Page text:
Criminal Justice

3 relatives of courthouse shooter indicted, feds say cyberstalking resulted in death of victim


The wife, son and daughter of a man who fatally shot two women at a Delaware courthouse earlier this year as they arrived for a child-support hearing have been federally indicted, charged with cyberstalking that resulted in the death of a victim, reports the News Journal.

The shooter himself committed suicide after the Feb. 11 slayings. They apparently were sparked by a longstanding divorce-related legal battle between his son, David Matusiewicz, now 46, and his son’s ex-wife, Christine Belford, 39. She and a friend, Laura Mulford, 47, who had come with her to the New Castle County courthouse in Wilmington for the hearing were both killed by Thomas Matusiewicz, 68, authorities said.

David Matusiewicz was on probation at the time of the shootings after a conviction in a child-kidnapping case concerning his own children. He and his mother, who was convicted of lesser charges, took them from Belford to Central America in 2007.

Matusiewicz, who drove his father to the Wilmington courthouse on the day of the shootings, was found to be in violation of his probation after the courthouse killings because he was living with his parents in Texas in a home that contained firearms. He was sentenced to six months in federal custody.

His mother, Lenore Matusiewicz, and sister, Amy Gonzalez, also were federally indicted in the cyberstalking case. All three defendants are charged with conspiracy to commit interstate cyberstalking and cyberstalking resulting in the death of the victim. David and Lenore Matusiewicz also are charged with interstate stalking.

Philly.com provides a copy of the indictment (PDF). It says the defendants, along with Thomas Matusiewicz, participated in “a multi-pronged campaign designed to surveil and disseminate false and defamatory information” about Belford and the couple’s children and placed Belford “under surveillance with intent to kill and injure and harass and intimidate.”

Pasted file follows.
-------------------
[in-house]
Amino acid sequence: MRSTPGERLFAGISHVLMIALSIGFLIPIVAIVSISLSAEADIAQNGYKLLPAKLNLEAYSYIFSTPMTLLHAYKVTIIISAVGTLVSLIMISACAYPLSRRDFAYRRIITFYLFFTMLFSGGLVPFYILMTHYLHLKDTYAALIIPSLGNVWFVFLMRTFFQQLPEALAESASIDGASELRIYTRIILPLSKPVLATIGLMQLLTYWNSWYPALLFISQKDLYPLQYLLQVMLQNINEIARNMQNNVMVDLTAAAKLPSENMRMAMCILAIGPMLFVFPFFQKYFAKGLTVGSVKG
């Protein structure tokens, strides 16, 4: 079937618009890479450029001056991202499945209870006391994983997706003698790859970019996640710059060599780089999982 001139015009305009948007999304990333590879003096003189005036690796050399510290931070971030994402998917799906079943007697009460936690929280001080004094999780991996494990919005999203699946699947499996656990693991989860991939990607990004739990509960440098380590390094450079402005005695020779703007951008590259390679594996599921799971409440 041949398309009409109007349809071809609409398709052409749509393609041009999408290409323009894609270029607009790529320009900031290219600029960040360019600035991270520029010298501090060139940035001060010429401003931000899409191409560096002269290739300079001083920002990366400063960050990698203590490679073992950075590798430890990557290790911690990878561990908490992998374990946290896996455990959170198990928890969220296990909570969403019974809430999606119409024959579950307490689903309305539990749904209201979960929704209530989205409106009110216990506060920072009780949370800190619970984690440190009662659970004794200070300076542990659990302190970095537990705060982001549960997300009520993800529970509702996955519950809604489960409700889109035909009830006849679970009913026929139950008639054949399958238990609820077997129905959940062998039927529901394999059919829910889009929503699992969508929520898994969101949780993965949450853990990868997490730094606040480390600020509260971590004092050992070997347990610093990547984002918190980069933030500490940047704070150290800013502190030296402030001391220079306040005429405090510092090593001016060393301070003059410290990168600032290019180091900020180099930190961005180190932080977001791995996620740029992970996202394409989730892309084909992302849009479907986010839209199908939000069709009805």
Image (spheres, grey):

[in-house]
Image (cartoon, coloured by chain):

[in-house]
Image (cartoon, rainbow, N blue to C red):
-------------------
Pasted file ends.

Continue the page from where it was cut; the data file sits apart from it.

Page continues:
Specifically, the campaign allegedly included the use of YouTube, Facebook, other websites and email services to make false claims against Christine Belford such as parental neglect and abuse and allegations that she was committing crimes and suffering from mental health issues, according to the indictment. The group also allegedly arranged to gather license plate numbers from vehicles parked near Belford’s home in Delaware and obtain surveillance photos of Belford and the couple’s children (a protective order reportedly may have been in place at that time).

Through a third party, the group also got access to Belford’s personal Facebook page, and mailed information from it to others, as well as making false accusations against her to her church and the school her children attended, the indictment says.

A news conference is scheduled Thursday afternoon.

Another News Journal article provides a timeline of events in the lives of David Matusiewicz and Christine Belford and their family members.

See also:

ABAJournal.com: “Courthouse shooter had prior run-ins with lawyers over family dispute”

Updated at 1:25 p.m. to include additional information from indictment. and News Journal

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